Go back to 1991 when L.A. was torn apart by gang wars, the Bloods and the Crips were firing at each other in the streets, apartments in housing projects were going up in flames, the police committing terrible abuses. Now picture a striking woman dressed in pearls and a St. John knit suit marching up to a trailer filled with the baddest gangsters in the city as they try to work out a truce. That was Connie Rice, and she was there to help them.
“I was an absolute idiot,” recalls Rice during lunch at a hamburger joint in South Pasadena last month. “I must have looked like E.T. to those guys.” Still, she says after a pause, “I might be naive, but it works.” What she did was listen as they worked a code for killing that would limit the exposure of innocent bystanders (i.e., stay away from schools). Her bravado earned her the nickname “Lady Lawyer” by the gangbangers. Soon she was bringing their message to the authorities about police abuses and bullying tactics, and all the while working to break up the fights and end the violence.
Thus began Rice’s 20-year odyssey on the violence-plagued streets of Los Angeles, a journey that she eloquently recounts in her new memoir, Power Concedes Nothing: One Woman's Quest for Social Justice in America, from the Courtroom to the Kill Zones. Thanks in no small part to her efforts, L.A. is a safer, quieter city than it was the day she walked into that trailer.
Since then, Rice, the Harvard-educated daughter of an Air Force colonel and second cousin of former secretary of state Condoleezza Rice, has advocated a radical approach to ending gang violence by working with the gang members to address the social, economic, and education failures that make this the only life for many. She devoted herself tirelessly to change on behalf of Los Angeles’s poorer citizens by becoming a virtual litigation machine, suing to hold the city to its own laws to redress discrimination, misconduct, and unfair public policy.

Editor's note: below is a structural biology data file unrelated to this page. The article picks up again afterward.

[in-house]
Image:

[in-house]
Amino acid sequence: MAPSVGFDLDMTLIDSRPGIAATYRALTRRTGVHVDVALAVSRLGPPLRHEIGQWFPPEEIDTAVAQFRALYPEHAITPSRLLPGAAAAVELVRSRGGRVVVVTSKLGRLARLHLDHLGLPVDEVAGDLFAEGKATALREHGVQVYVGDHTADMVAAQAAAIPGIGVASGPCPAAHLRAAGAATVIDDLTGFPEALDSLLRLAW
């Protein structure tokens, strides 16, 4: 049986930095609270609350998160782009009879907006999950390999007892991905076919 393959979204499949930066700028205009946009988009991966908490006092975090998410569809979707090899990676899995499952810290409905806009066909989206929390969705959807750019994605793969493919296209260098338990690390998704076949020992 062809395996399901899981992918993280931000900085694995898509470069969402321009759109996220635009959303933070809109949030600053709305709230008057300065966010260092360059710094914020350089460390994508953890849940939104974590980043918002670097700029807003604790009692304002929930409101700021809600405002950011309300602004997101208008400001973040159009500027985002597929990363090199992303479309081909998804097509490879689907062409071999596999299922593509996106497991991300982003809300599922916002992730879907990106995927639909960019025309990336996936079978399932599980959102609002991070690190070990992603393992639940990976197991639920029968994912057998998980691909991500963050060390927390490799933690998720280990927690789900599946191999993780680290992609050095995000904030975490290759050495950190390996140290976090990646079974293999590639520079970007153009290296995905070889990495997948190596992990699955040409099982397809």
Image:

But her greatest fight was with the LAPD, a department she says was gripped by “systemic brutality, discrimination, and retaliation.” In her book, Rice paints a frightening picture of a department that discriminated against women and minority officers, raped its female recruits during the Police Academy, set up coworkers for beatdowns, planted evidence on traitors, and condoned secret police execution squads that retaliated against gang members who shot at them. “To find a more impressive campaign of malignant containment,” she writes, “you would have to go back to Bull Connor’s Birmingham, apartheid South Africa, or sectarian-racked Northern Ireland.”
Rice’s anti-gang strategy was to “move from a suppression-driven war on gangs to a public health campaign against the violence and trauma of the hot zones.” Obsessively focusing on gangs was wrong. It made them stronger. Her plan was to motivate L.A. institutions, families, and schools to mobilize themselves for safety and trauma prevention.